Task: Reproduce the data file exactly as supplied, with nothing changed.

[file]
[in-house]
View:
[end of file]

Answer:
[in-house]
View: